Vancouver College rowers place first in national championship
By Brent Mattson
The B.C. Catholic
VANCOUVER--Head coach Dereck Schwandt says he is more concerned about the effort the Fighting Irish rowing team put in than the results they get out of it. Luckily, this year he didn't have to choose between the two.
The Vancouver College Fighting Irish boys rowing team dominated the Canadian Secondary Schools Rowing Association (CSSRA) 66th Annual Regatta June 3 to 5, earning the points trophy for best overall performance. It is the first time in the Irish have come out as the top boys' program in the national championship.
"Results are results," said Schwandt. "I'm just really proud of the work ethic of the boys. The group found a way to work throughout the year."
Tully Cogswell, a Grade 10 student on the junior rowing team, was excited just to be part of the action in St. Catharines, Ont.
"This was my first year going to the nationals as a VC rower, which I have been waiting to do since I came to VC in Grade 8," he said. "It was an honour to participate in Vancouver College's best year of rowing, and better yet, win gold (in my race) at the same time."
"If it hadn't been for my coaches, Rob Weitemeyer and Mike Lattimer, I wouldn't have gotten anywhere," Cogswell added, "(and coach Schwandt), I can only imagine, has been waiting for this moment for many years."
The team placed in six out of seven competitions, with gold medals in junior and senior lightweight four-man races and junior heavyweight eight-man race. The junior lightweight eight-man team also earned a bronze medal and the junior and senior heavyweight four-man teams both placed sixth.
Schwandt, who's been with the Fighting Irish for 12 years, said he's never had a group of boys like this year's.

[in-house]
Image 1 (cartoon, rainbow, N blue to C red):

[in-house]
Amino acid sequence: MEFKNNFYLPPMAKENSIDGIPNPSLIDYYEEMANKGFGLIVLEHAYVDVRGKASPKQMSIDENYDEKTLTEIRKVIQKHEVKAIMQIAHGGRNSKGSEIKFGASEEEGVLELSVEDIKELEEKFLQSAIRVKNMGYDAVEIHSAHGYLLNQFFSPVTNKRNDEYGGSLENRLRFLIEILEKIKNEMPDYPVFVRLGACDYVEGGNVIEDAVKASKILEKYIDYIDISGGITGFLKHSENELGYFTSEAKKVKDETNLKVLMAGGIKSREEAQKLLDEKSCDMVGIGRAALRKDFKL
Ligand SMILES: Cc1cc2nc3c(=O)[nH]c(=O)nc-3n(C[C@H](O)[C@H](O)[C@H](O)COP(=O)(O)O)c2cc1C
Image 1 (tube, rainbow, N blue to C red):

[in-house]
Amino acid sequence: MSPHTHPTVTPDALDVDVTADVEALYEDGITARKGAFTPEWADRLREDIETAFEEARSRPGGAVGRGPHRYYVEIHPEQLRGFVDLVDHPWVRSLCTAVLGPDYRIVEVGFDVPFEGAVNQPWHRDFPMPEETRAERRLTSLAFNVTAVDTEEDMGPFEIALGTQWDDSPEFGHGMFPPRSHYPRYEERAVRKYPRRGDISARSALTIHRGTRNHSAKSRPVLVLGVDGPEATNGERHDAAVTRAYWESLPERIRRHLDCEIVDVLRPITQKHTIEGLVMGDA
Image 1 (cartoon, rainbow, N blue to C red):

"We've always had a couple of guys that had the work ethic and dedication and persistence to compete at the CSSRA," he said, "but we've never had this number of boys that have been able to put in the time to do what they're doing. It was just a really good experience, very satisfying."
The combined results of their races in the heats and the finals was enough to earn the school 110 points, 19 more points than their closest competitor, Upper Canada College.
Vancouver College managed to outshine their opponents with only 25 athletes in a competition where the top teams in the country usually have 40 to 50, coach Weitemeyer said.
After bringing teams to compete nationally for so many years, Schwandt said, it was tough to process the whole thing.
"I haven't had a chance to reflect on it very well yet, (but) the most exciting thing was when we got together by the dock and with the banner and the whole team was there with smiles on their faces," he said. "That was the highlight: 25 boys, three coaches, and the principal (John McFarland)."
He added that he's as proud of his team's achievement on dry land.
"I'm proud of the fact the boys have exemplary marks," Schwandt said. "All of the grads on the team are going into university, hopefully to row there too. Their marks are second to none."
Schwandt stuck around in Ontario until June 8 with some of his athletes who tried out for the Canadian junior national rowing team and the Canadian junior development team.
Stephano Belifore and Garreth Lindstrom were selected for the junior national team and will compete in the Junior World Championships in Eton, U.K., this summer.